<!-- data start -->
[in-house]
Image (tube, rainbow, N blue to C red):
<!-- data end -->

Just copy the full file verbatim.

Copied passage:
[in-house]
Image (tube, rainbow, N blue to C red):